A cumulative 511,000 lives could be lost from COVID-19 in the United States by the end of February 2021, a new prediction study reveals.
However, if universal mask wearing is adopted — defined as 95% of Americans complying with the protective measure — along with social distancing mandates as warranted, nearly 130,000 of those lives could be saved.
And if even 85% of Americans comply, an additional 95,800 lives would be spared before March of next year, researchers at the University of Washington Institute for Health Metrics and Evaluation (IHME) report.
The study was published online October 23 in Nature Medicine.
“The study is sound and makes the case for mandatory mask policies,” said Arthur L. Caplan, PhD, a professor of bioethics at NYU Langone Health in New York City, who frequently provides commentary for Medscape.
Without mandatory mask requirements, he added, “we will see a pandemic slaughter and an overwhelmed healthcare system and workforce.”
The IHME team evaluated COVID-19 data for cases and related deaths between February 1 and September 21. Based on this data, they predicted the likely future of SARS-CoV-2 infections on a state level from September 22, 2020, to February 2021.
An Optimistic Projection
Lead author Robert C. Reiner Jr and colleagues looked at five scenarios. For example, they calculated likely deaths associated with COVID-19 if adoption of mask and social distancing recommendations were nearly universal. They note that Singapore achieved a 95% compliance rate with masks and used this as their “best-case scenario” model.
An estimated 129,574 (range, 85,284–170,867) additional lives could be saved if 95% of Americans wore masks in public, their research reveals. This optimistic scenario includes a “plausible reference” in which any US state reaching 8 COVID-19 deaths per 1 million residents would enact 6 weeks of social distancing mandates (SDMs).
Achieving this level of mask compliance in the United States “could be sufficient to ameliorate the worst effects of epidemic resurgences in many states,” the researchers note.
In contrast, the proportion of Americans wearing masks in public as of September 22 was 49%, according to IHME data.
Universal mask use unlikely
“I’m not a modeling expert, but it is an interesting, and as far as I can judge, well-conducted study which looks, state by state, at what might happen in various scenarios around masking policies going forward — and in particular the effect that mandated masking might have,” Trish Greenhalgh, MD, told Medscape Medical News.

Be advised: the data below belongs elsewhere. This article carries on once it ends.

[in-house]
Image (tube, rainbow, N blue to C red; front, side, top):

“However, the scenario is a thought experiment. Near-universal mask use is not going to happen in the USA, nor indeed in any individual state, right now, given how emotive the issue has become,” added Greenhalgh, professor in the Nuffield Department of Primary Care Health Sciences at Oxford University, UK. She was not affiliated with the study.
“Hence, whilst I am broadly supportive of the science,” she said, “I’m not confident that this paper will be able to change policy.”
Other ‘What if?’ scenarios
The authors also predicted the mortality implications associated with lower adherence to masks, the presence or absence of SDMs, and what could happen if mandates continue to ease at their current rate.
For example, they considered a scenario with less-than-universal mask use in public, 85%, along with SDMs being reinstated based on the mortality rate threshold. In this instance, they found an additional 95,814 (range, 60,731–133,077) lives could be spared by February 28.
Another calculation looked at outcomes if 95% of Americans wore masks going forward without states instituting SDMs at any point. In this case, the researchers predict that 490,437 Americans would die from COVID-19 by February 2021.
A fourth analysis revealed what would happen without greater mask use if the mortality threshold triggered 6 weeks of SDMs as warranted. Under this ‘plausible reference’ calculation, a total 511,373 Americans would die from COVID-19 by the end of February.
A fifth scenario predicted potential mortality if states continue easing SDMs at the current pace. “This is an alternative scenario to the more probable situation where states are expected to respond to an impending health crisis by reinstating some SDMs,” the authors note. The predicted number of American deaths appears more dire in this calculation. The investigators predict cumulative total deaths could reach 1,053,206 (range, 759,693–1,452,397) by the end of February 2021.
The death toll would likely vary among states in this scenario. California, Florida, and Pennsylvania would like account for approximately one third of all deaths.
All the modeling scenarios considered other factors including pneumonia seasonality, mobility, testing rates, and mask use per capita.